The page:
And if you’ve been thinking about subscribing to Beacon, but you’re not sure if you’ll like it, HAVE I GOT GOOD NEWS FOR YOU! Email me at theteresajusinoexperience[at]gmail[dot]com with “BEACON TRIAL” in the subject line, and I’ll have Beacon send you a free trial to the site! If you like what the other Beacon writers and I do and think we add at least $5.00 a month’s worth of value to your life, you can subscribe after the trial! (And hey, it’d be nice if you subscribe specifically to me so that I can go on doing the work I do. Don’t worry, you’d still have access to the whole site!)

Happy reading, everyone!

NEW AT BEACON: Fall TV 2014-15: Newbies – Week of 9/22

Amy Landecker and Jeffrey Tambor in a scene from Transparent.

Last week was a bit wonky for me schedule-wise, so I didn’t get my usual Beacon post up, so I’ll be pulling triple duty this week! I’m trying to write about all the show premieres this week – both new and returning shows – that I’m watching and giving you my two cents! So here’s my sum-up of last week’s offerings! Shows include Gotham, Black-ish, How to Get Away With Murder, and Transparent! (You can expect my take on last week’s returning shows and this week’s offerings later this week!)

EXCERPT:

The last time I laughed this hard at a comedy pilot was for New Girl, and I think the reasons why I laughed so hard then are the same as why I laughed now. These characters and the way they view and experience the world felt very familiar to me. I’m not Black, but I am Latina, so I’m no stranger to having grown up in a minority culture, valuing that while also valuing mainstream success, and what a delicate balance that is. Creator Kenya Barris captures all the nuance of that balancing act with humor and kindness. There is so much love in this show, and though many of the jokes are very pointed, it’s never coming from an angry or malicious place, and it’s really the first show I’ve ever watched that captures that balancing act this accurately (if anyone has any other recommendations, let me know below!). The characters are also a lot of fun – I can’t wait to see more of “Pops” (Lawrence Fishburne plays him like a gruff teddy bear), and the kids are as nuanced as the adults.

If you want to read and comment on my full post, you’ll have to subscribe to my work over at Beacon! Starting at only $5/month, you’ll be able to access all my pop culture criticism, as well as the work of 100+ other journalists writing about the topics you care about. Check it out! Once there, please click the “Worth It” button on the bottom of my article! (That is, if you actually like what I’ve written.)

Thanks! 🙂

 

NEW AT BEACON: "Fall TV 2014-15 – The Girls Are Back! Mindy and Jess Return to FOX!"

It’s time for my weekly post at Beacon! And as shows continue to return for the current season, I’ll be spotlighting the shows I think are worth watching. This week, two of my favorite, female-fronted comedies returned to FOX. It’s all about The Mindy Project and New Girl!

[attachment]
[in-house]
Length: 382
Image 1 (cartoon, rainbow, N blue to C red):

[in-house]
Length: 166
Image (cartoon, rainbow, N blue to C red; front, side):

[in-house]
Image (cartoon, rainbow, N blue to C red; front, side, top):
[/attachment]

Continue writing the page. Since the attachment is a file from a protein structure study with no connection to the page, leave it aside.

EXCERPT:

One of the things that made me fall in love with [New Girl] from the pilot was the honest, real depiction of modern-day friendships. Many women I know are primarily friends with guys, and I loved that there was a show that was capturing that dynamic. The last thing I wanted was for any of the guys to be a love interest for Jess.

Then, Cece (Hannah Simone) and Schmidt happened. And Jess and Nick happened.

And while Jess and Nick were a cute enough couple, I think they make better friends, and I’m glad the dynamic is back to the way it was at the start of the show. It isn’t that Jess is One of the Guys – she’s very much a girly-girl. But she and her roomies look out for each other. They are friends, with no ulterior motives, and I like seeing that on television.

If you want to read and comment on my full post, you’ll have to subscribe to my work over at Beacon! Starting at only $5/month, you’ll be able to access all my pop culture criticism, as well as the work of 100+ other journalists writing about the topics you care about. Check it out! Once there, please click the “Worth It” button on the bottom of my article! (That is, if you actually like what I’ve written.)

Thanks! 🙂

NEW AT BEACON: "Fall TV 2014-15: Selfie"

 

This week at Beacon, I start talking about the shows, both new and returning, that I’m excited about this year! This week, it’s all about the new Karen Gillan show, Selfie.

EXCERPT:

3) The Problem Isn’t ‘Selfies,’ It’s Self.

A while back, I blogged about the fact that I HATE when people get self-righteous about not taking selfies/getting involved in social media/etc, etc as if internet life and “real life” were two different things, and pat themselves on the back for “tearing themselves away.” In fact, Henry on Selfie is just such a person. What I love about the show is that the message isn’t about how horrible this generation is for being wrapped up in social media. What it’s saying is: Caring about others is important. The reason why Eliza is friendless is not because she’s on Twitter all the time, but because when given the opportunity to be a kind person in real life, she often chooses the opposite. The thing is, Henry has the same problem, except he doesn’t have the excuse of a social media presence. Sure, he knows how to appear caring, and can successfully guide Eliza’s behavior and improve her image. Yet he, too, is friendless, alone, and awkward with people in his personal life. Social media is to Eliza what books and work are to Henry. These two characters coming into each other’s lives will benefit them both. Eliza is not the only one who needs fixing.